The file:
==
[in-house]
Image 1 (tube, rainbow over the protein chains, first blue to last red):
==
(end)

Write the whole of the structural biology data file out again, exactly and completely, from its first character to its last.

[in-house]
Image 1 (tube, rainbow over the protein chains, first blue to last red):